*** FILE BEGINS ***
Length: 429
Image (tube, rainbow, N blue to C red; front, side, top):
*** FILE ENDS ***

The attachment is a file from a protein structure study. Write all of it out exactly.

Length: 429
Image (tube, rainbow, N blue to C red; front, side, top):